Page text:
This disc contains
an attractive programme of French orchestral song. At budget
price it should attract a number of buyers provided that the
performances stand scrutiny.
The Berlioz cycle
Les nuits d'été is to my mind one of those works, like
Wagner’s Wesendonck-Lieder or Strauss’s Vier letzte
Lieder, that no single performance can ever fully encompass
all its aspects. However, any performance should seek to address
at least some of the facets of the score successfully, and
these will naturally vary depending upon the soloist, orchestra
and conductor employed.
is not a singer who springs to mind as a natural Berlioz exponent,
and this is proven in the performance that the work receives.
The principal areas of concern can be summarised in two words:
diction and tempo. The results here might usefully be contrasted
with two alternative versions that do have between them a
large measure of what the cycle demands from the performers:
Agnes Baltsa/LSO/Jeffrey Tate - Philips 416
Janet Baker/New Philharmonia/Sir John Barbirolli
- EMI CDM 7 69544 2
These two recordings
might also demonstrate that the cycle is, in my view, generally
more suited to the mezzo voice, given the shadowy vocal timbre
that many of the lyrics suggest – though I take issue with
Raymond Tuttle’s programme note that claims Berlioz’s setting
to be ‘morbid’ in character. That rather overstates the case.
From the start,
Behrens’ diction is far from clear, so much so that even with
the text - not supplied in the booklet - it is still difficult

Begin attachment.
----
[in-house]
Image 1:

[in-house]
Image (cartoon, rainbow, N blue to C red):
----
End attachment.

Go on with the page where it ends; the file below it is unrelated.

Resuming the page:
to make out more than a few words she sings. Thus Villanelle
inauspiciously opens the cycle, suffering too from a certain
lack of feeling for the music. Both Baltsa and Baker capture
the mood despite also having to overcome linguistic difficulties,
though Baker is more confident in this regard. Whilst the
orchestra is decent, the flutes on entry are slightly too
forwardly placed to be ideal.
de la rose carries more of the requisite erotically charged
tranquillity that perfumes the setting, Behrens being more
at ease with the relaxed tempo, though her French still some
way from clear, but it’s as good as it gets on this recording.
Turning specifically to concerns of tempo Travis fails to
capture the implied momentary start at “Mais ne crains rien…”,
or indeed much of the openly erotic fervour elsewhere. Sur
les lagunes (subtitled ‘lamento’) is far too over-stretched
making it seem closer to a dirge at times, much to the undoing
of the music. For this Francis Travis’s conducting is largely
responsible. Barbirolli’s on the other hand is if anything
a trump card to equal Baker’s singing in these two songs,
though Tate’s more clearly spotlit recording (very much in
the mid-1980s style) does capture much detail in the orchestration.
The Wiener Symphoniker, though competent, fails to match the
impression left by either other orchestra. To her credit Behrens
uses her lower register effectively to create a sense of mystery,
and when Travis does spring to action, the impact comes almost
The fourth song,
Absence, finds Behrens gainly floating a clean line
with the words “Reviens, reviens, ma bien aimée!” – though
in truth she only partly succeeds given that she cannot keep
such enigmatic power under control throughout her range, as
is required. Baker carries the line and song with spirit,
as indeed does Baltsa whose tone occasionally has a slight
edge, though it is not as detrimental to the music as with
in a strange reversal of form, is taken rather quicker by
Travis than either Barbirolli or Tate, and to be honest this
took some getting used to. Still, after several auditions,
I am not wholly convinced by the aptness of the tempo, though
the playing achieved does have more than a touch of moonlight
about it. Behrens, I feel, might have been more comfortable
had a slower tempo been taken, though particularly Baker sets
the standard once again.
The cycle closes
with L’île inconnue, a swift and stormy boat ride to
the country of love. I have long admired how Baltsa rides
the waves, steered capably by Tate, who perhaps even tops